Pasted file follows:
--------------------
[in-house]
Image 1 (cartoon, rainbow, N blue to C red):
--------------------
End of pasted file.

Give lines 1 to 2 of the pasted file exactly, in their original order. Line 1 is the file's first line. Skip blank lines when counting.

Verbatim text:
[in-house]
Image 1 (cartoon, rainbow, N blue to C red):